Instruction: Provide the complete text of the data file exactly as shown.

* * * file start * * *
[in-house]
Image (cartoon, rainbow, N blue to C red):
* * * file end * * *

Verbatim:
[in-house]
Image (cartoon, rainbow, N blue to C red):